But this didn’t stop me from enjoying the movie.

The best part of THE GOOD LIAR is as expected the performances of the two leads. Both Helen Mirren and Ian McKellen have a field day here.  Mirren is perfect as the sensitive widow, seemingly the perfect target for the charming con man, who nonetheless possesses a strength and intelligence that fully clues in the audience that she’s probably going to figure out Roy ahead of time before he steals her money, or at least the audience hopes this to be the case.

Ian McKellen is both a gentleman and a scoundrel as Roy, with the emphasis clearly on the villain side. As polite and charming as Roy is, McKellen makes sure you believe that he truly is a down and dirty con man who will stop at nothing to get what he wants.

McKellen and Mirren even get to partake in an old-fashioned physical rough and tumble, as the two come to blows when the proverbial sh*t hits the fan during the film’s climax. And it’s a realistic looking brawl at that!

DOWNTON ABBEY (2010-2015) star Jim Carter also stands out as Roy’s co-conspirator Vincent.

THE GOOD LIAR has a decent screenplay by Jeffrey Hatcher, based on the novel by Nicholas Searle. The dialogue is strong throughout, the characters sharp and believable, and the story it tells is a good one. As I said, I wasn’t a fan of the twist, which is about the only thing I didn’t like about this one. Of course, this is a rather big thing, and as such, it’s the one reason I didn’t absolutely love THE GOOD LIAR. Hatcher also wrote the screenplay for MR. HOLMES (2015), which also starred Ian McKellen, playing an aged Sherlock Holmes trying to solve a case while dealing with dementia. I liked MR. HOLMES a bit more than I liked THE GOOD LIAR.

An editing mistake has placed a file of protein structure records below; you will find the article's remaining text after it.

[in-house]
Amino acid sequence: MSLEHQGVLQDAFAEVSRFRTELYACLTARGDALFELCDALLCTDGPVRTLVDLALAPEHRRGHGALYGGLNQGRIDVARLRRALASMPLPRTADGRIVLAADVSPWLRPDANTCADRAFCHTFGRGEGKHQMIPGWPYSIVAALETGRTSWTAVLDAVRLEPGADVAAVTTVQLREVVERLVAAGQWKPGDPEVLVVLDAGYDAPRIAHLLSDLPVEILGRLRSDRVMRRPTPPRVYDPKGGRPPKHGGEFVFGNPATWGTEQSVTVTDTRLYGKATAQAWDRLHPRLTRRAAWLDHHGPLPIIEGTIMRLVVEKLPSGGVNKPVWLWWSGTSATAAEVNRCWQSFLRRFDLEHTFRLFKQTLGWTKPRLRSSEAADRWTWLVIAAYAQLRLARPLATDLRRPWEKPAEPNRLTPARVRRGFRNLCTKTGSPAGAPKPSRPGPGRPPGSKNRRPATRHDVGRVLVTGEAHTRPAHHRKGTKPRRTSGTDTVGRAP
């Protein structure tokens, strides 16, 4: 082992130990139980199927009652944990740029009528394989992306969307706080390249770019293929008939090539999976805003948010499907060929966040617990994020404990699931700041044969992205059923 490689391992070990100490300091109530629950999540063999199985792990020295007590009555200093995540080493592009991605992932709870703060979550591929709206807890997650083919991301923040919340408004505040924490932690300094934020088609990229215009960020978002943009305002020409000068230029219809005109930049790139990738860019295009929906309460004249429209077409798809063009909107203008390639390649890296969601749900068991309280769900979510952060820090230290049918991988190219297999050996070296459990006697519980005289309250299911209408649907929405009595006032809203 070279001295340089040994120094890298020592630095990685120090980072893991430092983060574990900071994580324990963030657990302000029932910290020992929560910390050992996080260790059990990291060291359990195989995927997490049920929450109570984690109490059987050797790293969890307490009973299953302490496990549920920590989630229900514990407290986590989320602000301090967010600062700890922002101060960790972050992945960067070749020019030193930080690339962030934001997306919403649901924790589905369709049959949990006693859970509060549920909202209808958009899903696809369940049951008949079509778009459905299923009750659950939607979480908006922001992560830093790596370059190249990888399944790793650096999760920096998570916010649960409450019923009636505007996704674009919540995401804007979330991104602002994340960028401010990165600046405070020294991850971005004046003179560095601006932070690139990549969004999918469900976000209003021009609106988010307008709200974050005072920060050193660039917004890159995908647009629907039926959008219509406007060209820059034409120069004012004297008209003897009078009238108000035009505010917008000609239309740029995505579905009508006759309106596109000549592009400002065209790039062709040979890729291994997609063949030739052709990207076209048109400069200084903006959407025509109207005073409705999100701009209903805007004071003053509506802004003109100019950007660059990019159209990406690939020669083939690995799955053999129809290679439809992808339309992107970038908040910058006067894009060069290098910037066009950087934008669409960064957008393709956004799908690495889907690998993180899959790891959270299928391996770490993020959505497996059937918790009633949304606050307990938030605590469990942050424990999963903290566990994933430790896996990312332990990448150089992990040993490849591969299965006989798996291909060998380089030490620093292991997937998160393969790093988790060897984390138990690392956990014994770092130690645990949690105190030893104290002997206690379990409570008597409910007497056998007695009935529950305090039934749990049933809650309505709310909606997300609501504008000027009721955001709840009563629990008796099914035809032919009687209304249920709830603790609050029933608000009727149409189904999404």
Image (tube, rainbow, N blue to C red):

THE GOOD LIAR was directed by Bill Condon, who also directed MR. HOLMES, and another Ian McKellen movie, GODS AND MONSTERS (1998),  in which McKellen played FRANKENSTEIN (1931) director James Whale. Condon also directed the recent Disney remake of BEAUTY AND THE BEAST (2017), a film I liked a lot. However, in the category of films I didn’t like— a lot—- Condon also directed the deplorable THE TWILIGHT SAGA: BREAKING DAWN – PART 1 (2011) and THE TWILIGHT SAGA: BREAKING DAWN – PART 2 (2012).

All this being said, THE GOOD LIAR is in good hands with Condon as director. The film is captivating and held my interest throughout, taking a slight hit when the very expected twist meddled with the climax.

Incidentally, THE GOOD LIAR marks the first time Helen Mirren and Ian McKellen have ever starred together in a movie. Their first pairing is well-worth the wait.